From LMS integrations to choosing an eLearning company: Here are five business challenges you can overcome with the benefits of eLearning and online training.
Today, it’s hard to find an organization that’s not making use of eLearning in one way or another. But there’s a big difference between offering online training as a goodwill gesture for a digitally native workforce, and true eLearning integration.
Making your Learning Management System (LMS) the technical foundation of your entire training program is the secret to overcoming many of the biggest eLearning challenges.
In fact, good LMS integration can turn those potential issues into some of the strongest aspects of your training portfolio!
Whether it’s dealing with eLearning skeptics, finding a balance with blended learning programs, or choosing the right training platform for your team’s remote needs, today’s eLearning companies are on hand with data-led, cost-efficient solutions.
Of course, being a learning & development specialist is no easy task, no matter the technology you have on-hand. But for these five training challenges, you can rely on eLearning to provide the correct answer.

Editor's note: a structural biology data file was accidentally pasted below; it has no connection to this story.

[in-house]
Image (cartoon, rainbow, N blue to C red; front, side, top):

Here are five challenges for online training, and five solutions!
Challenge: Training costs
Whether you’re earning direct revenue through a training program or balancing the costs of training against profits in the wider business, managing training expenses can be tricky.
On one hand, L&D has no option but to follow the evolution of technology, and the demands of a modern workforce, by investing in digital and eLearning solutions.
But on the other, the upfront costs of installation, plus the continuing maintenance of training software and devices, can seem daunting.
The good news is that (generally speaking) whatever online training vendor and platform you choose, you’re likely to see costs offset by savings in your traditional outlays. Many of these savings will be logistical, for example: